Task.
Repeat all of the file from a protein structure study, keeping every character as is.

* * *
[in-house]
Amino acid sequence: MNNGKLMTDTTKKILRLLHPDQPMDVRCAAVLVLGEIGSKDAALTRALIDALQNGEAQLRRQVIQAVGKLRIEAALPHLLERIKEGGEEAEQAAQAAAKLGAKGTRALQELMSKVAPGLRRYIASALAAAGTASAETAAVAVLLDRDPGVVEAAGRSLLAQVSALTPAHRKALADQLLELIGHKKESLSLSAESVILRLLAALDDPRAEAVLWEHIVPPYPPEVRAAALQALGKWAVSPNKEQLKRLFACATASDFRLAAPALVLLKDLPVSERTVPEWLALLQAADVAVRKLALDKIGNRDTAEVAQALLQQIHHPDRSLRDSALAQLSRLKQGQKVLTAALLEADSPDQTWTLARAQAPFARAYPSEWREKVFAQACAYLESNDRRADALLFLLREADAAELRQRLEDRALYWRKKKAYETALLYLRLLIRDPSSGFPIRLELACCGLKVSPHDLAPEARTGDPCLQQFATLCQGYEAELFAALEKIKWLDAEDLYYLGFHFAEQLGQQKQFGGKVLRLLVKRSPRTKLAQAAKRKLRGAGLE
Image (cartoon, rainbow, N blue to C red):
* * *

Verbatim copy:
[in-house]
Amino acid sequence: MNNGKLMTDTTKKILRLLHPDQPMDVRCAAVLVLGEIGSKDAALTRALIDALQNGEAQLRRQVIQAVGKLRIEAALPHLLERIKEGGEEAEQAAQAAAKLGAKGTRALQELMSKVAPGLRRYIASALAAAGTASAETAAVAVLLDRDPGVVEAAGRSLLAQVSALTPAHRKALADQLLELIGHKKESLSLSAESVILRLLAALDDPRAEAVLWEHIVPPYPPEVRAAALQALGKWAVSPNKEQLKRLFACATASDFRLAAPALVLLKDLPVSERTVPEWLALLQAADVAVRKLALDKIGNRDTAEVAQALLQQIHHPDRSLRDSALAQLSRLKQGQKVLTAALLEADSPDQTWTLARAQAPFARAYPSEWREKVFAQACAYLESNDRRADALLFLLREADAAELRQRLEDRALYWRKKKAYETALLYLRLLIRDPSSGFPIRLELACCGLKVSPHDLAPEARTGDPCLQQFATLCQGYEAELFAALEKIKWLDAEDLYYLGFHFAEQLGQQKQFGGKVLRLLVKRSPRTKLAQAAKRKLRGAGLE
Image (cartoon, rainbow, N blue to C red):